Braden agrees with that observation. " I think with the Breakfast Club and all the other fund raisers and mission trips we are doing, that the adults have seen that they aren't the only ones who can do outreach or who really care," says Braden. "I think before they looked at our youth group as a bunch of kids that don't really do anything. But that has definitely changed now as they are seeing more activity—and more potential—in us. As a result, they're much more open to supporting us spiritually and financially."

In effect, by these self-sacrificial acts of reconciliation like cleaning the church and shoveling snow, they have literally and figuratively succeeded in breaking the generational ice. But what really excites Kaytlin and Braden and others is the fact that the congregation has grown together as one cohesive unit.

"Our being forced to move into a new building—even a temporary one—has made a huge difference in our church," says Braden. "People are tighter—there's more of a sense of community. It's funny, but when we didn't have a place to go anymore, we all kind of tied together. And I think that as a result, people began to realize what groups were out
there, what those groups like ours were doing and what they, in turn, could do to further the cause."

As one might guess, Rev. David Blystone is immensely pleased both with what the youth are doing and the newfound willingness of the adults to support them. "The church is the people, not the facility where they worship," reads the banner on Santa Claus UMC's Web site. But apparently it took an army of "crawling locusts" to convince at least some of the congregation that this was true. According to Blystone, the building had a pretty strong hold on people.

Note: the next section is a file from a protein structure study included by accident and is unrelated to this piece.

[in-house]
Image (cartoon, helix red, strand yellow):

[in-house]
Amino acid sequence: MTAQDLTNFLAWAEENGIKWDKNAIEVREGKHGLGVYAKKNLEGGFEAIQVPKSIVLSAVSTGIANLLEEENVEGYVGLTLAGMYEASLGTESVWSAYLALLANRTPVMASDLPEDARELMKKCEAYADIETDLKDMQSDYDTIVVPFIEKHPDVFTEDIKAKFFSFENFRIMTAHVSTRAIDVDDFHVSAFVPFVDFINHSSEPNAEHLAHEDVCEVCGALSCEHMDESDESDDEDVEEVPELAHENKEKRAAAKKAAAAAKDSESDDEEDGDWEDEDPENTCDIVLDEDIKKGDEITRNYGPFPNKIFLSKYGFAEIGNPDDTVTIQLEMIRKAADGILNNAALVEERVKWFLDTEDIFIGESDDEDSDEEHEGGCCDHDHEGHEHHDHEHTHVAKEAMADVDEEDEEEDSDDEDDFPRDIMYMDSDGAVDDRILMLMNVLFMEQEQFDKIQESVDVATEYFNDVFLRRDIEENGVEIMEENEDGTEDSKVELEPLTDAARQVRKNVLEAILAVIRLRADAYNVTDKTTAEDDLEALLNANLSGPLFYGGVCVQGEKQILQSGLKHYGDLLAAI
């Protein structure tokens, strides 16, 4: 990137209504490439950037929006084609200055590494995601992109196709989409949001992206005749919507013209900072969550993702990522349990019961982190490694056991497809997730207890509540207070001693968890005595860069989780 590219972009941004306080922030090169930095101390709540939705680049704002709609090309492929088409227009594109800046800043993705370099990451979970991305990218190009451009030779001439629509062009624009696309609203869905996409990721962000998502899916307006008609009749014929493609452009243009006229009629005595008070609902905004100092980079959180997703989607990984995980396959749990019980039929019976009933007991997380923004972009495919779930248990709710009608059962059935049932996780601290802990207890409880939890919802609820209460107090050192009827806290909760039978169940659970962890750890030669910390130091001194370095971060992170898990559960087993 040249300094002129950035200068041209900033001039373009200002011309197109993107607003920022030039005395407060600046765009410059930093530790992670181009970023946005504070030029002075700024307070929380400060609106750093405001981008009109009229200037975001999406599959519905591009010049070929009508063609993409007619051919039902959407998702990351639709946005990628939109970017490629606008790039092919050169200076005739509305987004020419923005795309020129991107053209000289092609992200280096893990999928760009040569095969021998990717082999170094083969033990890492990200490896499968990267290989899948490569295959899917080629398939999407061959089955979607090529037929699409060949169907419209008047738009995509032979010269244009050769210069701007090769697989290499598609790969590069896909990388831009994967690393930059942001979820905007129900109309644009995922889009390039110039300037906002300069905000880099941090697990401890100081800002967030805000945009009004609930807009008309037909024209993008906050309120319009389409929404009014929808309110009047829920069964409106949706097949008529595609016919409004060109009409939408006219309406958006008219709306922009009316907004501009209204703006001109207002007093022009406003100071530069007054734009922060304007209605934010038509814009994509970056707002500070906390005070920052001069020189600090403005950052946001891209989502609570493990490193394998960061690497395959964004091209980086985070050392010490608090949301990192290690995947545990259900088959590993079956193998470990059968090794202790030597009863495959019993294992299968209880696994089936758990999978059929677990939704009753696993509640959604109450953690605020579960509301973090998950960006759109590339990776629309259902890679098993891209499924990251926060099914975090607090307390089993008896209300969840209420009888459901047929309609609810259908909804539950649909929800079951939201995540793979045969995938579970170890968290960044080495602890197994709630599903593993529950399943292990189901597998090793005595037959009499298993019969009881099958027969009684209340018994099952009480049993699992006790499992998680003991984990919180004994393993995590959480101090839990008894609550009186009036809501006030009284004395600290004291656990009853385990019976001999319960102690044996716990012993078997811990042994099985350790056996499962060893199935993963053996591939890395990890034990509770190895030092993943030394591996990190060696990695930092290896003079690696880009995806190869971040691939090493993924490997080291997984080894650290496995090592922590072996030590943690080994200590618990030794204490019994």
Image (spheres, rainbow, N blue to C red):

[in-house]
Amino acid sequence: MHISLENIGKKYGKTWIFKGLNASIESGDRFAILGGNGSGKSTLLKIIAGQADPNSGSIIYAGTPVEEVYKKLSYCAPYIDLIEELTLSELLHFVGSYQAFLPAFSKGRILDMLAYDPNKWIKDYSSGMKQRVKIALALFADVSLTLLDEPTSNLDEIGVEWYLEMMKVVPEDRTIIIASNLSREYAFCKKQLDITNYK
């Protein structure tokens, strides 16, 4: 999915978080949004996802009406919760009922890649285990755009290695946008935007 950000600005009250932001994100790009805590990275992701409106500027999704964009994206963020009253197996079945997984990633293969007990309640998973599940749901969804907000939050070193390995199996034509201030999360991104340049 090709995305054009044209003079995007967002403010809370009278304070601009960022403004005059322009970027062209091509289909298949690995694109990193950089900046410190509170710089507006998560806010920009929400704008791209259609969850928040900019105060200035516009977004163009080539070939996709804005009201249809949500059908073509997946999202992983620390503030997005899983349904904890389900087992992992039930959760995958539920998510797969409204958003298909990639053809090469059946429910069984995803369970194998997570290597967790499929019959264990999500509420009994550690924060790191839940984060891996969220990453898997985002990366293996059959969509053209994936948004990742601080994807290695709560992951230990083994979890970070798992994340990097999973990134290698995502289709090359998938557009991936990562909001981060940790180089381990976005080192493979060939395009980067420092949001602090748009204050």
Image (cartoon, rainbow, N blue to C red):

"I had to remind the congregation that while the church was founded in 1849, it was actually torn down in 1873, and it was done so for one simple reason—to make room for growth!" says Blystone. "And so for our present-day members who kept trying to go back to Egypt, they could see that this was not an unprecedented thing because that's what our congregation did years ago. They said back then, as we are saying now, 'Our current facilities no longer serves the ministries of the church—we need to do something different.'" And demographics gave us the needed information to do just that.

Doing ministry differently is becoming the motto of teenagers like Kaytlin Earley and Braden Gogel—not just at Santa Claus UMC, but in youth
groups and churches all over the country. Places like The Breakfast Club and Breakthru are providing a place for teens to gather in an often-hostile environment that has become the new mission field of post-modern America. In this ideological battleground it will not be cataclysmic events like Columbine that will win the day. Rather it will be the quiet, day-to-day acts of self-sacrifice embodied in the life of a Midwestern teenager who purposes to get up at the crack of dawn to shovel ice for someone she may hardly know, or grasps the hands of a schoolmate in prayer—someone who only the week before may have ridiculed her for her faith, but today is desperate to believe that faith is real. -Jenni Keast